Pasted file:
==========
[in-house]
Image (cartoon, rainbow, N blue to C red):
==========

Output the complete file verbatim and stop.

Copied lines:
[in-house]
Image (cartoon, rainbow, N blue to C red):